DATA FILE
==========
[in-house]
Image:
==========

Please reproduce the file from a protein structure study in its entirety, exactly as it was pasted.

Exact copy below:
[in-house]
Image: